This story is by Shreya Ganguly and was part of our 10th Anniversary Writing Contest. You can find all the writing contest stories here.
Elizabeth’s eyes absorbed the rain as it permeated the windows. Her dark, glossy hair immersed with raindrops. Umbrella in hand, she began collecting flowers for the guests that would arrive that evening.
Clorinda Forbes left for a Woman’s Society meeting, leaving her bedroom door ajar. Mrs. Forbes adorned the table in the drawing-room with Elizabeth’s flowers.
“Have you been dismissed from school early today?” Mrs. Forbes inquired. Elizabeth began to color slightly. “Yes, mother. Today was a rather short day. Our aptitude for learning was exceptionally well,” she faltered. That day, she was pensive in picking flowers and sketching portraits at Beatrice’s garden after lunch hour at school. A bucket of tears filled her eyes, like gleaming diamonds.
With great aplomb, Elizabeth began preparing the loaves of bread with seasoned chicken and potatoes. Elizabeth had the capacity to learn anything in a brisk moment.
“Where are the guests?”, she asked her mother, rendered speechless at the emptiness of the place. “Elizabeth, there is no hope that any guests will arrive if you have not dedicated time to writing invitation letters,” her mother explained practically. Elizabeth knew she was the unhappiest girl in the world. She could not have a Christmas party this year. When Elizabeth was seven years old, her eyes danced at the onrush of guests scuttling into the house and the icy thrill vibrating from her grandmother’s piano music, all of which faded away over the years. This year, the thought of Beatrice coming to the party was another hope that fluttered away. “Christmas is a day of happiness and contentment. You should be in bliss and ecstasy. I am a widowed woman. After everything I have experienced, there clearly is no reason to be in despair. What is Christmas in your heart, dear?” Clorinda elucidated. Elizabeth’s mind began to run wild. Her grandmother, bedridden spent each Christmas at home, confined in a pool of loneliness and boredom.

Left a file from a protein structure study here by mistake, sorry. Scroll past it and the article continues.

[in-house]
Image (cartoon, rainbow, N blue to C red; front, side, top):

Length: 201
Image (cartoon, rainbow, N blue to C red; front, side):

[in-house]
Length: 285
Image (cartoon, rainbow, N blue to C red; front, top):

“How has grandmother been doing these days?” Elizabeth questioned her mother with eyes of reverence and repentance. Clorinda informed her daughter, “Your grandmother has not written to us for months. I last visited her in July. It has now been five months of uncertainty. It is certain that she is living, but you would have to visit her in the farmhouse to be sure of her condition. According to my knowledge, she is being cared for by Mita, an Indian immigrant. Tomorrow is her marriage anniversary.”
The morning drew in with another rainstorm. Rather than being a Christmas of snow, the streets were poured with rain. Elizabeth had decided to stroll down to her grandmother’s homestead with her umbrella and basket of food to celebrate her anniversary, despite the capricious rain.
Upon her arrival at the Forbes estate, her eyes darted to the Christmas tree, compiled of intricate decorations. Mita sat on the sofa, reading a novel. Elizabeth’s grandmother lay in bed, wheelchair beside her.
In the bedroom, Elizabeth stroked the elderly woman. “My Elizabeth, you have come at last. This may be my last Christmas living in this body. How you have grown and matured in two years,” her grandmother whispered with somber eyes.
Elizabeth’s grandmother was left in deep silence for thirteen years, watching her husband fade away. She spent long solitary hours watching the streets. For the past five years, she spent all of her time in bed, dying.
Mita betook herself to the bedroom with three cups of tea. “Merry Christmas. We will enjoy our steaming, hot cup of tea. It is ideal for this winter weather. The weather remains pleasant in India. I am sure you can remember how frigid the weather was the previous week,” she exclaimed in utter joy. “Last night, I waited patiently for guests. I had hopes of having a Christmas party. At present, I have a strong desire to stay with you until the new year. While in preparation for the party, I had prepared a meal. I pierced love into my cooking. The food is inside the basket,” Elizabeth narrated.
Elizabeth, Mita, and the grandmother devoured their repast of bread loaves with chicken and potatoes. They drank their tea and nibbled on russets along with the meal. Elizabeth wrote in a letter years later, If my mother had seen grandmother in her final days, she would have understood the true delights of life. With an amiable smile, I would have whimsical discussions with grandmother.
Elizabeth succeeded in her efforts to have a Christmas party. Her party was an indispensable part of her life. The innate jubilation remained through Elizabeth’s shiny eyes, vindicated for her initial feelings of ingratitude. She held on to her grandmother’s hands every moment until the latter’s purpose was fulfilled and could no longer stay in the restricted walls of her house. The sweet, crisp air drew in without much mourning. It was chill and faint, left undisturbed.